The New Age of Dating

The revolution in dating is not dating apps, but our hugely extended lifespan and the possibility of a post-menopausal dating life

Dr Anna Machin is an evolutionary anthropologist from the Department of Experimental Psychology, whose research is based on the neurobiology and psychology of human relationships, particularly romantic and parent-child relationships.
“Despite the rise of feminism in the West our mating behaviour is stubbornly stuck in the past”

I spend a lot of time giving talks about the science of love and dating and the facts I impart often lead to some lively Q and A sessions. But one issue which my audience, which is overwhelming populated by female millennials, find hard to grasp is that despite the rise of feminism in the West our mating behaviour is stubbornly stuck in the past. I tell them that our dating psychology and behaviour are evolved to select a mate based on their potential as the parent of our future children.

As a consequence, woman search for the indicators of strong genes and the ability to protect and provide which were crucial if our female Palaeolithic ancestors were to overcome the dangers of the prehistoric world and raise their children to maturity. In contrast, men focus on the indicators of fertility and physical and genetic health which provide comfort that if they are to absent themselves from the mating market they at least have a good chance of becoming a dad. Further, once paired off our neurochemistry has evolved to encourage us to stay in this parenting relationship until we have reared all our children to maturity and they, themselves, have the opportunity to reproduce and pass on those all-important family genes. Despite my audience and our world being populated by strong, financially independent women these behaviours — underpinned by half a million years of evolution — are still powerfully evident in human dating behaviour today.

Until very recently the job of child bearing and rearing would consume our entire adult lifespan. The women of 1900s Britain would, at the very best, have had a year or two of post-reproductive life in which to explore a world un-encumbered by their offspring. But with improving healthcare the average lifespan today is 81 years old which means we have the chance of living another half lifetime after our reproductive work is done. And that means not only more time to travel, learn, work and play but more time to date. But this dating is not as we know it. In a post-reproductive world this dating has a whole other endgame in sight.

“For the first-time women who are single during this stage of their life will be picking a partner without the drive to reproduce which dictated their pre-menopausal choice”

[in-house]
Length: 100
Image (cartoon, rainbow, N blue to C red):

The arrival of the internet and its associated social media platforms and apps is regularly heralded as the biggest change in our dating behaviour since the year dot. While I agree that these innovations have opened up a whole new chapter on dating it is the increase in human lifespan, and the possibility of a post-menopausal life, which is going to have the greatest impact on how we pick a mate. Because for the first-time women who are single during this stage of their life will be picking a partner without the drive to reproduce which dictated their pre-menopausal choice. And while men do not have a distinct menopausal life-stage the drop off in male fertility that occurs post 40 means that this drive also lessens in human males.

And statistics bear out the fact that, with the children having flown the nest, individuals are taking the chance to leave parenting relationships and embark on new, fresh post-menopausal dating adventures. Between 2015 and 2016 in the UK the number of men over 55 seeking a divorce jumped by 10% while the corresponding jump for women was over 15%. A phenomenal increase however you present the stats.

But this behaviour is new and at present we don’t know how the traits we prefer in our post-menopausal mate might differ from those we lust after in our 20s. I could suggest that because there is a link between companionship and good mental and physical health in old age what the sexes prefer may align for the first time and indicators of kindness and a personality indicative of a desire to share and care might become attractive. Or the link between keeping a lively mind and body and a lowered risk of both Alzheimer’s and other chronic health conditions might make someone with a thirst for travel and a black belt in judo a catch.

What I do know is that evolution can be slow to change and the half a million years of evolution that have wired our brain to employ every sense in the search for a mate with reproductive potential might take some time to overturn in this post-50s group. For now, we just don’t know, the research is yet to be done. But the possibility of a new way of dating, of redefining what is attractive in a mate is incredibly exciting for an evolutionary anthropologist. Asking the questions what is mating in post-menopausal life for? What are its drivers, its needs? What motivates our post-menopausal single to enter the dating game? And what does he or she want? Have no doubt I shall be watching, waiting and recording this most rare of moments; a true change in human mating behaviour as our species enters a whole new age.

This piece was originally published on Dr Machin’s blog at

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